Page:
The innocent believe that the Louisiana State Capitol is a battleground of ideology. But the realists see it as the chessboard, or stock exchange, or lottery of the special interests.

Senators and representatives are part-time in Louisiana and inevitably represent a variety of occupations and personal backgrounds. There are a lot of lawyers, but also many former educators, either retired or moved on to other occupations. So education bills probably get more scrutiny from more members than other subjects. The same is true with bills that aim to change legal procedures.

The Legislature is heavily influenced by business interests, but members don't always follow the script. Because lawyers often benefit from lawsuits, bills to curb abuses of the legal system — a main goal of such powerful lobbyists as the Louisiana Association of Business and Industry — don't get nearly the traction that one might predict.

The worst bill for legislators is the measure that represents a collision of interests — no pun intended — like that between ride-sharing services and cabdrivers. Both have constituencies, both are business-backed, and a vote for or against is not necessarily easy for a legislator.

As part of a partnership with the Pro Publica's investigative reporting project, The Advocate's Rebekah Allen outlined the ways in which powerful Senate President John A. Alario, R-Westwego, derailed a bill on statewide regulation of Uber or Lyft services.


The bill passed the House 97-1, backed by the governor and sponsored by the speaker himself, but was killed in the Senate through unfavorable rulings by Alario, a close friend of a former senator who sells insurance to the cabbies. They hate the ride-sharing services.

Pearson Cross, a political science professor and an associate dean at the University of Louisiana at Lafayette, said the situation illustrates the way business is conducted in Louisiana and every other state legislature.

“It seems clear that personalities, interests and webs of influence matter a great deal to what does and what does not get passed by the state legislature,” he told Allen, adding that legislators are within their legal and ethical rights, per state law.

What can drain the swamp? Term limits, though often decried by political scientists, will mean Alario is no longer Senate president in January 2020. But Louisiana's law is rife with exclusions from the ethics code, one of which allowed Alario's friend, former state Sen. Francis Heitmeier to lobby the Legislature even though his brother was by then a senator.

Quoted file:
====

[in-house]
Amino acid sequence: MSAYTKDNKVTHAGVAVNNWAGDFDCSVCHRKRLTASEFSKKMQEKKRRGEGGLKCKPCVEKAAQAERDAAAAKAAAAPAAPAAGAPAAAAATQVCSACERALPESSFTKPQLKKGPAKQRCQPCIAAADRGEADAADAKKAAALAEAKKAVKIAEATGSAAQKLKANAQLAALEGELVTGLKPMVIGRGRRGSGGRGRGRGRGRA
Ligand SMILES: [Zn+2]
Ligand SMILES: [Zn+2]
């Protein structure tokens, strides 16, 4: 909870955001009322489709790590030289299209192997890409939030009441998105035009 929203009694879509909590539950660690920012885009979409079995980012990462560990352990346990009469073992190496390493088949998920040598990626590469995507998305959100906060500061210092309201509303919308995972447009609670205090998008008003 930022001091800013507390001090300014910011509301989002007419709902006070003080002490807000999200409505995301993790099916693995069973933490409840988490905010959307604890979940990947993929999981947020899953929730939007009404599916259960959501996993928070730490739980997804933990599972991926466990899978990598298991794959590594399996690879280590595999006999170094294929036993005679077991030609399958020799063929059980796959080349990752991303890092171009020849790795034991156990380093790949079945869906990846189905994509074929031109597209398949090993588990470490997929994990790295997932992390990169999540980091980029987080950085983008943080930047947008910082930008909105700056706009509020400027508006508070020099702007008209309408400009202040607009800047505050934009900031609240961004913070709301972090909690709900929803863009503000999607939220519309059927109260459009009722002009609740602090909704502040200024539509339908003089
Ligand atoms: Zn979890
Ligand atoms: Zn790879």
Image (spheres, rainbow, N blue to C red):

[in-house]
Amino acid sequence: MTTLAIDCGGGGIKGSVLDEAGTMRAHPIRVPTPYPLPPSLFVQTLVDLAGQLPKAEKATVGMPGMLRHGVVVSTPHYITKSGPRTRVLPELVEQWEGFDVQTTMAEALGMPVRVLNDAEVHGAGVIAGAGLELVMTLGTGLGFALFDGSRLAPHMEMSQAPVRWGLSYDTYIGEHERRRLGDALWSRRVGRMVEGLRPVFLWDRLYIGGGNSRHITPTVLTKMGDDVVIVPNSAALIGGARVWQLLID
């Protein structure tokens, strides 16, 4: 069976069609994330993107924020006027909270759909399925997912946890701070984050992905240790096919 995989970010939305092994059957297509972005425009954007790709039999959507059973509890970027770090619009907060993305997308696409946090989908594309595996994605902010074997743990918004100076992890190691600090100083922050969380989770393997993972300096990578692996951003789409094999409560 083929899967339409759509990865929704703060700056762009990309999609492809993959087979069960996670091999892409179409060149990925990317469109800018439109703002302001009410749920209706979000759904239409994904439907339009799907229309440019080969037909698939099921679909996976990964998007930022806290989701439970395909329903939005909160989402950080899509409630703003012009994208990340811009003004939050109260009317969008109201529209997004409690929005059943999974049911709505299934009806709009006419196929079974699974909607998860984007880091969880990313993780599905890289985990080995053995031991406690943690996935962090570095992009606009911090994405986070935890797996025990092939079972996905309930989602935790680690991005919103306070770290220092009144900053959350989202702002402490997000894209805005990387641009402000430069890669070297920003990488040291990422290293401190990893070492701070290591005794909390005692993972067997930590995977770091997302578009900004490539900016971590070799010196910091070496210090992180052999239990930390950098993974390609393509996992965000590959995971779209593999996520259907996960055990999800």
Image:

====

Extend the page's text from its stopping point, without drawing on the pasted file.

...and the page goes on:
That 2014 bill giving Heitmeier an exception to the ethics code passed the House 58-24 but only barely won in the Senate, with Alario's help.

Rolling back exceptions to the ethics code might help, but love of money is the root of all political evil, and much tougher restrictions on buying influence — er, lobbying and campaign contributions — could be enacted.

The wining and dining of legislators could be reduced. In Florida, its legislature manages to convene, and leave much sooner than ours does, under no-cup-of-coffee rules, restrictions that essentially mean a lawmaker can't even get a cup of joe from a lobbyist. Perhaps that would be bad for Baton Rouge restaurants, but there might be fewer fistfights in bars.

Campaign contributions and conflicts of interest are notoriously ill-policed, as Allen previously reported as part of her Pro Publica project. Enforcement, and penalties, could be a lot tougher.

But as in the case of Heitmeier's clients, and Alario's many other contributors, why should businesses or associations be allowed to write political checks at all? A ban on corporate contributions would be a significant change in the culture of the State Capitol.

You don't have to go as far away as Washington for a sleazy lawyer like Micheal Cohen, or a sleazy client like Donald Trump. But in Baton Rouge, as in Washington, if you started to really enforce the rules on the rich and influential, you would find out very quickly how you can be up to your navel in alligators while you try to drain the swamp.

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